in focus

Creative resistance at the Boston Women’s Film Festival

Kim Chambers in Kate Webber’s “Kim Swims.”
Kim Chambers in Kate Webber’s “Kim Swims.” Kate Webber

The Boston Women’s Film Festival (Sept. 27-30 at the Museum of Fine Arts, Coolidge Corner, and the Brattle) makes a timely return after a hiatus of 15 years. It includes several documentaries that show how social oppression and personal hardship can be transformed into female empowerment through political, artistic, and athletic endeavors.

Kim Chambers, subject of Kate Webber’s “Kim Swims” (screens Sept. 28 at 1:30 p.m. at the MFA followed by a Q & A with the director) excels at the latter. After suffering a gruesome injury which almost resulted in her leg being amputated and then enduring two years of painful physical therapy, Chambers tried swimming as a form of rehab and realized this was her medium. The New Zealand native developed into a world-class long-distance open-water swimmer who, among other feats, swam the 21-mile-wide North Channel between Scotland and Ireland despite multiple jellyfish stings and hypothermia.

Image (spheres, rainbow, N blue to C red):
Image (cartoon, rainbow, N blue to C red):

That almost killed her, but Chambers is one tough Kiwi. Her new project is to be the first woman to swim across the 30 miles of freezing, shark-infested waters from the Farallon Islands to the Golden Gate Bridge. Webber’s film records her intense training and her grueling, but gleeful attempt.

Why does she do it? In part to prove that women can compete in a male-dominated sport. But mostly she is driven by her love of a literally oceanic experience and a need to push her body to its limits.

Narcissister, the director and subject of “Narcissister Organ Player ” (screens Sept. 28 at 8:30 p.m. at the MFA followed by a live performance by artist Lani Asuncion) never discloses her name or shows her face in public. She wears a mask, often a blank one, like that in Georges Franju’s “Eyes Without a Face”, and if she removes that mask there is another behind that and another on the back of her head as well.